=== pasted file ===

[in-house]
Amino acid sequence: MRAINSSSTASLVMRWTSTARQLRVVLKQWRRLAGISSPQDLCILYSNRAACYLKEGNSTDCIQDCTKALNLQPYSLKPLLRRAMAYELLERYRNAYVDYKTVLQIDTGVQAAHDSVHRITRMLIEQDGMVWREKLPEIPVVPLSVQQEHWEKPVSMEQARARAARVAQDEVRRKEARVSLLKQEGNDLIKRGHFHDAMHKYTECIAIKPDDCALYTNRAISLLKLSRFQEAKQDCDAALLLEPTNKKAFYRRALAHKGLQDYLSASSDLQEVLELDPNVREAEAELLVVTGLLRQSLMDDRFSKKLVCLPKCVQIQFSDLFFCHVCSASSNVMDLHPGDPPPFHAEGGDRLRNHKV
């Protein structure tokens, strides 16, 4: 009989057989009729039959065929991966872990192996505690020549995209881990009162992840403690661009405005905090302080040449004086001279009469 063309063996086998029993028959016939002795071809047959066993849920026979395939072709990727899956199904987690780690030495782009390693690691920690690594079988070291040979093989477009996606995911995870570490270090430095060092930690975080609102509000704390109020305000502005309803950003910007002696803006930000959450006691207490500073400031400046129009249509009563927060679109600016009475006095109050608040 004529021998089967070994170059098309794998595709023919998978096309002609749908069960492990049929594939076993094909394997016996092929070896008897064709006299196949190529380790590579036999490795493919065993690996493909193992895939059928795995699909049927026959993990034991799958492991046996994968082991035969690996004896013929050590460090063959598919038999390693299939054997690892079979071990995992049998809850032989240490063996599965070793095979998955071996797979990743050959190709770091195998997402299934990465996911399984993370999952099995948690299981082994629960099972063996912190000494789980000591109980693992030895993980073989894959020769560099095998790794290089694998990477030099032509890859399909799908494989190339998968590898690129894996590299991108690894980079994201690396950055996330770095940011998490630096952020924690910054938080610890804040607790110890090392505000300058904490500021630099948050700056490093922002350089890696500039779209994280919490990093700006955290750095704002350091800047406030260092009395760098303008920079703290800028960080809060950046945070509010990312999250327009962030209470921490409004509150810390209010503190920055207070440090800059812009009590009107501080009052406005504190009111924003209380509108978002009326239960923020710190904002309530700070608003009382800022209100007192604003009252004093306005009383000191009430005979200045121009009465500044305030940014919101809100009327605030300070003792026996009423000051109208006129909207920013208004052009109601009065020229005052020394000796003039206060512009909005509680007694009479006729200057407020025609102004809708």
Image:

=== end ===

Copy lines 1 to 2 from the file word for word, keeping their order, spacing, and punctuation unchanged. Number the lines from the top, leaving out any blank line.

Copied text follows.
[in-house]
Amino acid sequence: MRAINSSSTASLVMRWTSTARQLRVVLKQWRRLAGISSPQDLCILYSNRAACYLKEGNSTDCIQDCTKALNLQPYSLKPLLRRAMAYELLERYRNAYVDYKTVLQIDTGVQAAHDSVHRITRMLIEQDGMVWREKLPEIPVVPLSVQQEHWEKPVSMEQARARAARVAQDEVRRKEARVSLLKQEGNDLIKRGHFHDAMHKYTECIAIKPDDCALYTNRAISLLKLSRFQEAKQDCDAALLLEPTNKKAFYRRALAHKGLQDYLSASSDLQEVLELDPNVREAEAELLVVTGLLRQSLMDDRFSKKLVCLPKCVQIQFSDLFFCHVCSASSNVMDLHPGDPPPFHAEGGDRLRNHKV